Nature and the supernatural: meaning(s) of water and humanities in Ethiopia's Upper Nile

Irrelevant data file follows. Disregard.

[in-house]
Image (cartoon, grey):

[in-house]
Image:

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Water is a media that sustains both belief and life. One of its powers is symbol of power and destiny. In the Upper Nile it carries meaning as a place (point of origin, a highland spring or montane rivers), a conduit for travel, and a source of food. In Orthodox Christian allusion to magic revelation and spirituality it is ubiquitous at its source and in its flow. In this structured ecology, the human relationship with environment requires the intervention of the supernatural that can be reached through mediation by holy men. Hitherto, there has been no study looking at how local ecology and the spiritual realm collide and interact. This relationship reveals itself, for example, in wall murals of the nearly two-dozen monasteries depicting biblical and apocryphal scenes. Many of these paintings involve holy figures and fish, which is understandably a key feature of the local ecology. Such images have been studied for their artistic qualities, but they carry a wealth of meaning regarding human attitudes to ecology that have not been considered and will be explored in the paper. Drawing on a broad range of local sources, this seminar addresses human interaction with environment in the Abbay and Awash watersheds and sheds light on competing narratives that have resulted from this interaction. The presentation recognizes the centrality of religion(s) in the relationship between people and nature in this part of Ethiopia and addresses the impact of human belief systems on ways in which people make sense of their environment (past and present). A cultural history approach will allow us to untangle culture-specific ways in which local peoples viewed the natural world.